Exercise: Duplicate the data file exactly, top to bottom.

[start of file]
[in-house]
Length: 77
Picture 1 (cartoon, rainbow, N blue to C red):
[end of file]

[in-house]
Length: 77
Picture 1 (cartoon, rainbow, N blue to C red):